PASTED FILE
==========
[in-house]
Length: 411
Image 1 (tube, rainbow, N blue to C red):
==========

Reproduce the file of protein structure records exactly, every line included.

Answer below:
[in-house]
Length: 411
Image 1 (tube, rainbow, N blue to C red):